Jacques Maritain Center

Chapter Vll: Scholastic Ethics and Politics

1. The Ethics of the Schoolmen. THE Ethics and Politics of the Schoolmen are founded upon the Nicomachean Ethics and the Politics of Aristotle. Nevertheless, being Christian, the School did not depend upon the ancient Greeks for ethical teaching so much as for logic and metaphysics. The Aristotelian ethics stood alone, complete, but isolated. The Schoolmen added to them a science of Deontology, and thereby brought them into connection with Theology. They added to Aristotelian virtues such notions as Duty, Obligation, Sin, a Sovereign Lawgiver and Judge, Reward and Punishment in a life to come. They brought ethical conduct under a law, and for that law they provided an adequate sanction. Aristotelian Ethics make a system of Eudaemonism, but stop short of Deontology. Aristotle points out the road to happiness (eudaemonia), but makes little or no attempt to characterise that road as the path of duty (deon). If the fellow does not want to be rationally happy, Aristotle would say, he is a fool, and must be expelled my lectures. The Schoolman says more. The man who will not take the road of rational happiness is a law-breaker. He breaks a law, formulated indeed by his own conscience, but imposed by an authority from without, which is the authority of the Supreme Reason, God, Creator and Lord. In refusing the way of virtue and rational happiness man not only plays the fool, he commits sin. And sinning, he must be punished. This punishment is radically natural, inasmuch as by sinning and depraving himself, man becomes unfit for rational happiness, and stores in his frame the elements of misery. This is an ethical consideration. The punishment is, further, a positive infliction, proceeding from the will and judicial sentence of the offended Legislator. This is a theological consideration. And similarly of happiness and reward. To do right conscientiously and systematically is to build up habits of virtue; it is to form to oneself a character of goodness; it is to become naturally a fit subject for happiness, and positively to merit an award of happiness from the just Eternal Judge.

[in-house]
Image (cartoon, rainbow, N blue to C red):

About the best thing that Scholasticism has done is the perfecting of the Aristotelian scheme of happiness, and the adaptation of it to the Christian promises, contained in Scripture and Church tradition, as set forth in many a glowing page of St. Augustine. Plato and Aristotle, Augustine and Aquinas, here felicitously join hands. Plato with his vision of Beauty in the Symposium, Aristotle with his account of the crowning happiness of contemplation in the tenth book of the Ethics,* Augustine on the vision of God in the latter books of his Confessions, finally St. Thomas, Contra Gentiles, iii. 17-63, all come together in anticipating the prophecy, We shall see him as he is (I John, iii. 2): And they shall see his face, and his name upon their foreheads (Rev. xxii 4).